BOOK OF HOURS, use of Besançon, in Latin and French, ILLUMINATED MANUSCRIPT ON VELLUM
[Franche-Comté, Besançon, c. 1460]
210 X 150mm. ii + 138 + i leaves: 112, 2-9(a-h)8, 10(i)6, 11-17(k-q)8, COMPLETE. 15 lines written in black ink between two verticals and 16 horizontals ruled in red: written space 98 x 68mm. Panel borders in the outer margins of every page with a double fillet and hairline tendrils with golden trefoils and flowerheads, and colored sprays of acanthus and flowers with the occasional inclusion of birds or beasts, similar full-page borders with baguette frames surrounding EIGHTEEN LARGE ARCH-TOPPED MINIATURES (some darkening and minor stains to margins, smudging to miniatures on ff.15 and 18). EARLY SIXTEENTH-CENTURY panelled light-brown leather stamped in blind with rows of dragons, pelicans and stars within a frame of ruled triple fillets and foliage, border with quatrefoils in lozenges, two straps and silver clasps (restored and rebacked, replacement straps).
The style of illumination and liturgical use of the Offices of the Virgin and of the Dead localize the production and the intended use of the manuscript to Besançon in the Franche-Comté. The name Audoly is written in a ?17th-century hand on the rear paste-down.
Calendar ff.1-12v; Gospel extracts ff.13-19v; Obsecro te ff.20-23v; O intemerata ff.24-28; Office of the Virgin ff.29-81v; Hours of the Cross ff.83-86v; Hours of the Holy Spirit ff.87-90; Seven Penitential Psalms and Litany ff.91-106v; Office of the Dead ff.107-134v.
The highly decorative and attractive illumination of this manuscript places it among a group of Hours identified and discussed by François Avril as produced in Besançon in the atelier of an illuminator who was active for several decades from the 1440s (in Les Manuscrits à peintures en France 1440-1520, eds F. Avril & N. Reynaud, 1993, p. 197. His style owed much to a Burgundian illuminator of the previous generation (see the illuminator of Morgan 293, J. Plummer, The Last Flowering, 1982, no 36), and he adopted and continued to use compositions invented by even earlier Parisian illuminators: for example the miniature of St John in the present Hours which appears in at least 3 other manuscripts (see F. Avril in Tributes to Jonathan J. G. Alexander, 2009, pp. 127-8).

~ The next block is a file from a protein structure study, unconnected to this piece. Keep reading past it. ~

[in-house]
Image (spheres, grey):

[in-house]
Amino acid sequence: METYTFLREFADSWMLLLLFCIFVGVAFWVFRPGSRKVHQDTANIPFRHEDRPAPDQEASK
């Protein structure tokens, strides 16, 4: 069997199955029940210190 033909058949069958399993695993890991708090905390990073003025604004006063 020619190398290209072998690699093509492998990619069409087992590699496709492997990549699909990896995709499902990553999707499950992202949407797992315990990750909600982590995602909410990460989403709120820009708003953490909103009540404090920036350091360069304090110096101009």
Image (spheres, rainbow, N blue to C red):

His style in the present manuscript is extremely appealing and idiosyncratic: figures have tilted-up cheery faces with puffy cheeks and hooded eyes and effectively convey a sense of communication one with another; settings are shown with an unusual degree of structural detail – for example the two-storey pavillion housing St Mark and his lion – and delight in patterned surfaces; whereas some of the backgrounds are tessellated, naturalistic landscapes feature the use of metals to convey light effects – in the background of David in Prayer the lake is silver and gold and the slopes of the distant mountains are silver.
Such features and the elegant script make this an arrestingly attractive work.
The subjects of the miniatures are:
f.13 St John; f.14v St Luke; f.16v St Matthew; f.18v St Mark; f.20 Virgin nursing the Christ Child; f.24 Pietà; f.29 Annunciation; f.45v Visitation; f.57 Nativity; f.61v Annunciation to the shepherds; f.65 Adoration of the Magi; f.69 Presentation in the Temple; f.72 Fight into Egypt; f.77 Coronation of the Virgin; f.83 Crucifixion; f.87 Pentecost; f.91 David in Penitence; f.107 Vigil of the Dead in a church.